Diverse antiepileptic drugs increase the ratio of background synaptic inhibition to excitation and decrease neuronal excitability in neurons of the rat entorhinal cortex in vitro
Greenhill, S. D. and Jones, R. S. G., 2010. Diverse antiepileptic drugs increase the ratio of background synaptic inhibition to excitation and decrease neuronal excitability in neurons of the rat entorhinal cortex in vitro. Neuroscience, 167 (2), pp. 456-474.
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Although most anti-epileptic drugs are considered to have a primary molecular target, it is clear that their actions are unlikely to be limited to effects on a single aspect of inhibitory synaptic transmission, excitatory transmission or voltage-gated ion channels. Systemically administered drugs can obviously simultaneously access all possible targets, so we have attempted to determine the overall effect of diverse agents on the balance between GABAergic inhibition, glutamatergic excitation and cellular excitability in neurones of the rat entorhinal cortex in vitro. We used an approach developed for estimating global background synaptic excitation and inhibition from fluctuations in membrane potential obtained by intracellular recordings. We have previously validated this approach in entorhinal cortical neurones [Greenhill and Jones (2007a) Neuroscience 147:884-892]. Using this approach, we found that, despite their differing pharmacology, the drugs tested (phenytoin, lamotrigine, valproate, gabapentin, felbamate, tiagabine) were unified in their ability to increase the ratio of background GABAergic inhibition to glutamatergic excitation. This could occur as a result of decreased excitation concurrent with increased inhibition (phenytoin, lamotrigine, valproate), a decrease in excitation alone (gabapentin, felbamate), or even with a differential increase in both (tiagabine). Additionally, we found that the effects on global synaptic conductances agreed well with whole cell patch recordings of spontaneous glutamate and GABA release (our previous studies and further data presented here). The consistency with which the synaptic inhibition:excitation ratio was increased by the antiepileptic drugs tested was matched by an ability of all drugs to concurrently reduce intrinsic neuronal excitability. Thus, it seems possible that specific molecular targets among antiepileptic drugs are less important than the ability to increase the inhibition:excitation ratio and reduce overall neuronal and network excitability.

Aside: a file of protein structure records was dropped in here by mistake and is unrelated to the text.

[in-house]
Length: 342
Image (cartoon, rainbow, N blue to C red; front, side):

|Creators||Greenhill, S. D.and Jones, R. S. G.|
|Uncontrolled Keywords||background inhibition,voltage fluctuations,antiepileptics,neuronal excitability,background excitation,entorhinal cortex|
|Departments||Faculty of Science > Pharmacy & Pharmacology|
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